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A B C D E F G H I J K LM N O P Q R S T U V W X Y Z 0-9
(A-Z listing includes diseases, conditions, tests and procedures)


Cataracts: What You Need to Know

Eye with cataract
  • A cataract is the clouding of the normally clear lens that sits in the eye behind the pupil.

  • Most cataracts are related to aging. More than half of all Americans have had a cataract or cataract surgery by age 80.

  • Babies, young children and middle-aged adults can also have cataracts, either present at birth or sometimes related to other medical conditions.

  • Common symptoms from cataracts include halos around lights, needing more light to read, reduced clarity of vision and reduction in the brightness of colors. Such symptoms can also be associated with many other eye conditions, so it is important to visit your eye care provider to properly diagnose the cause of your symptoms.

  • Cataract removal is one of the most commonly performed operations in the United States.

Cataract Definition

A cataract is a clouding of the lens of the eye, an area that is normally clear. The lens works much like a camera lens, focusing light onto the retina, where an image is recorded. As we age, proteins that make up the lens can break down and clump together, creating a cloudiness that affects the clarity of vision. A clouded lens is a cataract.

In its early stages, a cataract often has little effect on vision. However, the cataract may grow less transparent over time, increasing the cloudiness of the lens and making it harder to see.

Types of Cataracts

  • Age-related cataracts. The majority of cataracts are related to aging.

  • Congenital cataracts. Babies can be born with cataracts or develop them in childhood. Not all congenital cataracts affect vision, though those that do are usually removed soon after diagnosis.

  • Secondary cataracts. Secondary cataracts occur as a result of inherited genetic disorders, other eye conditions and other medical conditions, such as diabetes.

  • Traumatic cataracts. Past eye trauma or surgeries can result in cataracts, which can occur immediately or years later.

Symptoms of Cataracts

The most common symptoms of cataracts are:

  • Cloudy or blurry vision

  • Faded colors

  • Frequent changes in glasses or contact lens prescriptions

  • Increased glare or halo effect

  • Poor night vision

  • Sensitivity to light

  • Seeing double or multiple images in one eye

Risk Factors for Cataracts

Though experts are not certain what definitively causes cataracts, they have identified factors that can increase your risk of developing them:

  • Age

  • Diabetes

  • Excessive alcohol consumption

  • Excessive exposure to sunlight

  • Family history of cataracts

  • Previous eye condition, inflammation, trauma or surgery

  • Prolonged use of steroids

  • Smoking

Cataracts tend to develop slowly, with symptoms and vision worsening over time. Cataracts usually develop in both eyes and can affect each eye differently.

Diagnosis of Cataracts

In addition to a complete medical history and eye exam, tests to diagnose cataracts may include:

  • Light and magnification (slit-lamp test). A microscope uses a thin, powerful slit of light to examine and identify abnormalities in the front structures of your eye, such as the cornea, iris and lens.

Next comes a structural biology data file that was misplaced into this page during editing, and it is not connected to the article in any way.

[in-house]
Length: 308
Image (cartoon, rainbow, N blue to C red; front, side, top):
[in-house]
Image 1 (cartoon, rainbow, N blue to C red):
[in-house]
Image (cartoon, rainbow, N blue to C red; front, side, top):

• Pupil dilation (retinal examination). The pupil is widened with eye drops to allow a close-up examination of the retina and optic nerve.

  • Eye chart reading (visual acuity test). The common eye chart test measures vision ability at various distances.

In addition, other tests may be done to help your eye care professional learn more about the health and structure of your eye.

Treatment for Cataracts

In its early stages, the loss of vision due to cataracts can usually be managed by updating the eyeglass prescription and providing stronger lighting for reading. A cataract only needs to be removed when loss of eyesight gets in the way of your everyday activities, such as driving, reading or watching TV. You and your eye doctor can make that decision together.

Cataract surgery is one of the most common, safe and effective surgeries. It is conducted as an outpatient procedure. Surgery involves swapping out the cloudy lens with an artificial lens, called an intraocular lens, or IOL. The IOL becomes a permanent part of the eye, and you cannot see or feel it. The IOL allows light to pass through to the retina, restoring clarity of vision.

  • The most common form of cataract surgery, often called small-incision cataract surgery (phacoemulsification), involves a small incision on the side of the cornea, which is the clear, dome-shaped surface that covers the front of the eye. A tiny probe emits ultrasound waves to soften and break up the cloudy lens. It is then suctioned out of the same incision. The IOL is then inserted through the same incision.

Complications of Cataract Surgery

Complications of cataract surgery that affect vision occur on the order of one in 100 surgeries. There are certain conditions that increase the risk of cataract surgery, such as the presence of diabetic changes in the eye, very dense cataracts, pupils that cannot be adequately dilated, and other conditions that your cataract surgeon can identify and discuss with you, if pertinent.

Sometimes after cataract surgery, the eye behind the new lens can become cloudy. This is an after-cataract. An after-cataract can appear months or even years after cataract surgery. Unlike a cataract, an after-cataract can be treated with a laser that makes a tiny hole in the eye tissue behind the lens, allowing light to pass through. This is an outpatient procedure called a YAG capsulotomy, which is painless and is typically performed during a routine office appointment. Full recovery for the eye can be as little as a few days but often takes up to a month.

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